Chinese growth bolsters global economy
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Chinese growth bolsters global economy

China’s economy has roared forward in the first quarter of 2017, logging its first back-to-back acceleration in seven years. While U.S. consumers have shown signs of weakness recently, the Chinese economy has bolstered the global outlook, and looks set to power a third of all growth in 2017.

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Coming off a successful 4Q2016, the Chinese economy managed to pick up speed in the first quarter of 2017, hitting a better-than-expected growth rate of 6.9%. Housing, infrastructural investment, exports and continually positive retail figures are all contributory factors to the country’s success over the last three months.

The country has the second largest economy in the world, and in 2016, it accounted for a third of global growth. It is on track to make a similar contribution – at least – this year. Rob Subbaraman, chief economist for Asia ex-Japan with Nomura Holdings Inc., told Bloomberg:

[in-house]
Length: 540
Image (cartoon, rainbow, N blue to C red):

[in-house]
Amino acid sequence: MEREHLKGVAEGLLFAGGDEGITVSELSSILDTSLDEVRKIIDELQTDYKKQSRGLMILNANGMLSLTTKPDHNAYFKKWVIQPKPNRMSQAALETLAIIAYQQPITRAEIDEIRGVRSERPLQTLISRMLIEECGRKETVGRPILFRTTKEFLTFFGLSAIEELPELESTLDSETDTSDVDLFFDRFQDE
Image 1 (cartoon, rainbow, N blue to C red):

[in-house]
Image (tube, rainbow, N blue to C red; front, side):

“China, at least in the near term, is in a sweet spot with growth momentum strong and inflation pressures easing. Whichever way you dice it, the first quarter was a strong set of numbers.”

The Chinese government’s own growth target is 6.5% or more for the year – and, against the backdrop of a politically volatile world, policymakers will be relieved to see their predictions holding up.

These figures suggest that the Chinese rebalancing act – moving from an exports-led economy to one predicated on services and consumption – is progressing smoothly. This is good news for China, but it’s also good news for its neighbours. According to Rajiv Biswas, Asia-Pacific chief economist at HIS Markit:

“Emerging markets will benefit from this strength in Chinese growth firstly through commodities demand and support for commodity process. Secondly, the whole Asian manufacturing supply chain will get a boost from stronger Chinese growth.”


The opinions in this article do not reflect those of Dominion Fund Management Limited, and in the instance of any forward-looking statements, these should not be construed as advice.

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